New Pew Research report


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Today saw the publication of a new report from Pew Research on the reading and e-reading habits of citizens of the USA. entitled “E-Reading Rises as Device Ownership Jumps“.
We have to be careful, however, about the danger of hyperbole – note the careful use of ‘rises’ for e-reading and ‘jumps’ for device ownership. This is clearly deliberate because the report finds that, The percentage of adults who read an e- book in the past year has risen to 28%, up from 23% at the end of 2012., in other words, a rather modest 5% increase, while reading print books also increased, by 4%, from 65% to 69%, suggesting that e-books still have a long way to go before the can be called a really serious contender.

And the ‘jump’ in device ownership? That, perhaps is more significant, since ownership of e-readers rose from 19% in November 2012 to 32% in January 2014 – 13% in little over a year and 8% since as recently as September, 2013. Ownership of tablet computers rose from 24% in November 2012 to 42% in January 2014, again with 8% of that increase since September, 2013. Overall, 50% of the US population has either a tablet or an e-reader, a 25% increase since 2012. Of course, if you have a tablet or an e-reader you are more likely to read e-books and it may be that we shall see a further rise in 2014 in the proportion of people reading e-books, but I suspect it will keep on merely ‘rising’, rather than ‘jumping’.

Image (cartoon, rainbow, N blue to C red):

Recently, the news has been indicating a rise in e-reading in other places; for example, in the Netherlands it is reported that 2013 saw a 60% rise in e-book titles, contributing 3.2% to total revenue from book sales. In unit terms, 1.95 million e-books were sold, compared with 1.2 million in 2012. More on that story, for those who read Dutch, at Boek Blad